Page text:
- Search the issue tracker before you submit your issue - it may already be present.
- When opening an issue, a template is provided for you. Please provide as much information as requested to ensure others are able to act upon the requests or bug reports.
- Please ensure you add screenshots or documentation references for bugs/changes, so we can quickly ascertain if the request is suitable.
To be 'assigned' an issue, please comment on the issue itself, letting others know you are working on it.
Code quality is of an utmost importance, as it allows other developers to more easily find bugs and understand logic.
An ESLint configuration is provided and should cover most code style rules.
A few guidelines apply:
- Prefer self-documenting code over having to write tons of comments
- However, do not hesitate to write comments when complex logic is used
- Use language-specific docstring tools (JSDoc, rustdoc)
- Maintain separation of concerns
- Do not be afraid to separate code into logical blocks, even if resulting sub-functions are only used locally (while maintaining a reasonable limit)
- (aircraft development specific) Avoid polling - prefer reactive APIs (but remain sure of not introducing state that cannot be externally read)
- Avoid introducing new technologies/languages without talking to the development team
Additionally, a few practices are straight up forbidden:
- Do not use
async/awaitwithout a good reason (it does not make code run faster, unless you are calling threaded APIs like
- Do not use hungarian notation (b, m, g identifier prefixes)
- Do not perform business logic calculations in presentation code
Our version control approach maintains the following guidelines:
- Commit messages should be short and to the point. The Angular commit message convention is often used and recommended but not enforced at the moment.
- Merge commits are discouraged in commit histories and disallowed when merging pull requests
- Squash commits are exclusively used for pull request merges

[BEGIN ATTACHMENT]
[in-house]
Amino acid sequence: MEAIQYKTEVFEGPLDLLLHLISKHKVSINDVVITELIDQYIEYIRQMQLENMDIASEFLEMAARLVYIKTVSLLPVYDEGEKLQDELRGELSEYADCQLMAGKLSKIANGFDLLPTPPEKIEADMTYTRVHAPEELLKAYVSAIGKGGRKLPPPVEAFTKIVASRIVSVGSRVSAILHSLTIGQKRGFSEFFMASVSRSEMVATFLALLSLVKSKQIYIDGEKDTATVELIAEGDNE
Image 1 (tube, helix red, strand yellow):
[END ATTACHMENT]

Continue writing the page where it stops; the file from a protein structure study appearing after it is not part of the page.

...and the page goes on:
- One approving review from a maintainer is required to merge a pull request
- Positive reports from a number of QA testers (varies depending on the PR scope and size) are required before merging, unless a maintainer judges appropriate to bypass this rule
- Creation of draft pull requests is required when a developer wishes to get working on a project, to avoid duplicate PR situations
If changes are made, they should always be tested to make sure they work as intended and don't conflict with other systems. If you see a pull request open, it's recommended that you test the features that were implemented to check for errors, or whether it works as intended.
References Material (real life aircraft)
Creating a high-fidelity aircraft is a serious task that requires focus and dedication. But more importantly, it's striving for accuracy and realism. Therefore, any change that affects the appearance or behavior of a plane needs to reference real documentation.
The maintainer team has the role of deciding if references are suitable for a change. It is understandable that new developers do not have access to in-depth resource material.
While material like that is generally not in the possession of new contributors, the development team is always available to confirm your changes or provide you with necessary info.
Our extensive pool of IRL A320/A380 pilots and aircraft maintenance engineers are also able to answer your questions whenever needed.